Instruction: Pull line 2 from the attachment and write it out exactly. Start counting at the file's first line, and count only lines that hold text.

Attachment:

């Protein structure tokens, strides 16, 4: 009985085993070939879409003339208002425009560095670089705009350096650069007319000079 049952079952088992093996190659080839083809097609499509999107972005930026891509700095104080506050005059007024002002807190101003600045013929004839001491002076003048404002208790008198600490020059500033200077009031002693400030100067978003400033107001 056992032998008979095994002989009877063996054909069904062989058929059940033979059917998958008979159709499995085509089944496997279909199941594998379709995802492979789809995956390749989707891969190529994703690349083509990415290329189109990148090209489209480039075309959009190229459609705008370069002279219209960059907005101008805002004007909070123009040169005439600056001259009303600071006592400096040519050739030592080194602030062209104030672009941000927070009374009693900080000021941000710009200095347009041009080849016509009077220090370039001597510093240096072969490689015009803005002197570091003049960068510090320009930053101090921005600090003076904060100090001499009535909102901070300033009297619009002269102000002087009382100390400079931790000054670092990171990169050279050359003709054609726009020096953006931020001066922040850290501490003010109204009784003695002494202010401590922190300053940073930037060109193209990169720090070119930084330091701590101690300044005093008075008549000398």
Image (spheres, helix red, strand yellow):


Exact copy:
Image (spheres, helix red, strand yellow):